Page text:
My interest in silkscreen printing led me to create images using stencils. There is a long tradition of this technique in the visual arts; from ‘Pochoir plates’ (or stencils) used to create illustrations in French journals of the 1920s and 30s to today’s graffiti artists who use similar techniques, often on a far larger scale.
What is a Stencil?
A stencil is a thin sheet of card, plastic, or thin metal sheet with a design cut out of it. Paint or ink is then pushed through the holes of the stencil onto another surface below to create an image. Confusingly the resulting image is also called a stencil or stencil print.
It’s all in the planning
The use of stencils creates a graphic quality to my imagery. The quality of line and shape in my original drawings is vital to the outcome of the final stencil. So whether I start with a quick sketches or work from a series of reference photos my drawings have to end up as linear images so that I can translate them into stencils.
When designing a stencil of a bird it is essential to consider which shapes to cut away and which to leave behind. It takes quite a lot of planning to design and cut a complex bird stencil. If I cut out a shape that is an ‘island’ in my design it will fall out of the overall stencil! It’s essential to consider whether ‘bridges’ are needed in the design in order to keep the stencil as one whole piece. In many of my artworks I cut different stencils for different colours so layering of colour and shapes has to be planned out too.
I also create stencils for much of the foliage and other elements of the imagery. These are generally cut by hand with large complex final bird images occasionally being done by laser cutter. I often use other digital processes – scanning and image manipulation – to experiment with compositions and scaling before embarking on the final image.
Printing the Stencil
There’s lots of ways of printing a stencil. For many years I’ve used spray paint which can create some lovely subtle colours. If covering a large area it is also possible to use a sponge roller. I’ve also used small sponges and stencil brushes to carefully stipple acrylic or other water based paint through the stencil. It’s important to keep the sponges and brushes as dry as possible with just a small amount of paint used each time so that it doesn’t bleed under the stencil. If the first application of colour isn’t strong enough you can always add more – but once it’s on you can’t remove it!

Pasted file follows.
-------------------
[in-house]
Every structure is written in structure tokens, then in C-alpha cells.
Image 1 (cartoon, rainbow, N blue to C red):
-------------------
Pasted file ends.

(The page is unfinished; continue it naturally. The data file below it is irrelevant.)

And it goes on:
Stencils can be printed directly onto plain paper as in my works on brown paper. They can also be printed onto all sorts of other flat surfaces. Many of my more complex images are created by printing onto a mixed media background.
The key advantage of a stencil is that it can be reused to repeatedly and rapidly produce the same image or design. It can also be flipped over to produce a reflected image. Once I have created the stencils I like to work more intuitively, moving the stencils around the composition as it takes shape. Maybe even cutting additional stencils if I feel that more elements are needed as the composition takes shape.
This video shows the making of Blackbirds in a Bramble Thicket. The idea for this composition came to me having watched Blackbirds at the bottom of the garden feasting on a bramble patch laden with berries. The pair were fiercely guarding ‘their’ bounty of fruit.
The composition was briefly sketched out and then I set about producing studies of blackbirds. As I am doing this I imagine them as stencils, drawing them with this in mind, keeping the images graphic in terms of clean lines and shapes. As I am drawing I also think about the shapes of colour I will need and how the final, more linear image will sit on top of these colours.
I then wandered down the garden and made sketches of the bramble patch. Once the drawings are complete I cut the stencils from either acetate or thick paper.
I paint a background and then the stenciling begins.
I use a very rough sketch on tracing paper to help me place the stencils in the correct place within the whole composition. But as you can see from the video this is not an exact science!
When stenciling the birds I am far more accurate and use an acetate photocopy of the bird drawing to register each stencil of each bird so that it lines up correctly.
This image was created with spray paint and carefully sponging acrylic paint through the more complex bird stencils to ensure I capture the finer details.
I’m currently exploring new ways of creating and printing my stencils and experimenting with how the paint is applied.
Who knows where this will lead.